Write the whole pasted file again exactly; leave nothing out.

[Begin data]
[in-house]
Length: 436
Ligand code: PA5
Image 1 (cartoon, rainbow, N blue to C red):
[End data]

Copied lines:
[in-house]
Length: 436
Ligand code: PA5
Image 1 (cartoon, rainbow, N blue to C red):